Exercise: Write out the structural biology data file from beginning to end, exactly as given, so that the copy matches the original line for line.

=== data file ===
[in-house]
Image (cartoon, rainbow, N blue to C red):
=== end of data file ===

[in-house]
Image (cartoon, rainbow, N blue to C red):